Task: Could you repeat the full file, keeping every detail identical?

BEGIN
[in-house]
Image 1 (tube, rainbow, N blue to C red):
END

[in-house]
Image 1 (tube, rainbow, N blue to C red):